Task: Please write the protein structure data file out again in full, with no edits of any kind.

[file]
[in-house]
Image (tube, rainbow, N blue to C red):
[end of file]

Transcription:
[in-house]
Image (tube, rainbow, N blue to C red):